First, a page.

Monday, 14 July 2008

Using Apache as a front-end for Seaside

I'll admit it, configuring Apache scares the bejeezus out of me. The documentation seems to be so focused on the trees, that the wood becomes an impenetrable, gloomy forest. I guess I'm not alone in this, which makes Ramon Leon's posts on configuring Apache with Seaside(1, 2, 3) so useful.
Despite this, I've still steered clear of going near Apache, until Ramon posted a sample extract of configuration text. Now, cut-and-paste is something I can do, so I decided to give it a go.
I'm on Mac OS X, so Apache is installed and running by default. Despite my earlier protestations, I have played with Apache before, so I knew that httpd.conf was the key file to control how Apache runs. A bit of poking about in man files uncovered the location of the file I needed: /private/etc/apache2/http.conf.
I opened a Terminal and cd'ed to /private/etc/apache2/ where I could execute sudo vi httpd.conf which prompted me to enter my password to edit this administrator file, and then allowed me to start hacking. I wanted to leave my existing configuration as untouched as possible, so below the line:
Listen 80
I added a new line:
Listen 81
which would start Apache listening on port 81 as well as port 80. I could then use port 81 for my experimentation.
Typing sudo /usr/sbin/apachectl restart caused Apache to restart, hopefully loading my change.
I then tried browsing http://localhost:81/

Success (so far) - Apache is trying to deal with my request, and using its default handler.
Now, I'd noticed an interesting line at the bottom of httpd.conf:
Include /private/etc/apache2/other/*.conf
which meant that I could make any other changes in a separate file. So sudo vi other/seaside.conf opened a new .conf file, into which I typed:
    #DocumentRoot /var/www/myExamplePath
    RewriteEngine On
    ProxyRequests Off
    ProxyPreserveHost On
    UseCanonicalName Off
    # if the path doesn't exist, rewrite it to be a Seaside file ref
    RewriteRule ^/seaside/files(.*)$ http://localhost:8080/seaside/files$1 [P,L]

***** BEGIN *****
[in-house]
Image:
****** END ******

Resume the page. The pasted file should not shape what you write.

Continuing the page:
# redirect all requests to seaside - configure this as required
    RewriteRule ^/(.*)$ http://localhost:8080/seaside/$1 [P,L]


Which (when you put back the angle brackets that Blogger eats on the first and last lines) is taken directly from Ramon's post. It does two useful things. It takes any requests coming in to port 81, and first checks to see if you're requesting a physical file, and if so, serves it up (useful for the static parts of your site). If not, it passes them on to Seaside on the appropriate port, adding the standard /seaside prefix (so this is hidden from the outside world, which is a nice touch). Restarting Apache again and this time browsing http://localhost:81/examples/counter got me:

Again, good news. However, when I tried to navigate around, or use applications that made use of built-in #style and #script methods, things started to go wrong. The reason here is that Seaside prefixes its generated relative URLs with /seaside. So I simply added the following:
# re-write all requests starting with seaside - these links are exposed
# by the application internally. Alternatively, you can
# re-configure Seaside to change the urls it generates.
RewriteRule ^/seaside/(.*)$ http://localhost:8080/seaside/$1 [P,L]

into the virtualhost directive, and re-started Apache once more. This time it all worked like clockwork.
Twenty minutes of not very challenging experimentation, and I now have Apache working as my front-end webserver. That means, all the handling of static files can be done outside of Squeak, I can configure my responses if the Squeak images crashes, I get access to all of Apache's features such as logging, SSL etc. Not a bad half-hour's work really.


Ramon Leon said...

My config assumed the basePath on the Seasdie app was set to /, so Seaside generates the URL's correctly.

Michael Davies said...

Hi Ramon,

Thanks for replying.

I knew there was a tweak that could be applied to Seaside, but didn't want to distract myself from the excitement of configuring Apache.

Given your hint, I've played with the settings of the application in the /seaside/config configuration screen and what seems to work is setting the "Server Path" to the same as the application path - eg to "/my/applicationName" - given that I'm now able to remove the addtional lines, and revert to your original sample.

Thanks for your help.

Damien said...

Michael, your way to do it has the advantage that it keeps the default configuration of Seaside, so it will work both through apache and by connecting to Kom directly. Nice for debugging.

I wonder if, instead of the Seaside base path, applications couldn't be directly mounted at different points in Kom ?